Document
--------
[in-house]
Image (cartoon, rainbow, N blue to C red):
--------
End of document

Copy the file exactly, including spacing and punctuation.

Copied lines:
[in-house]
Image (cartoon, rainbow, N blue to C red):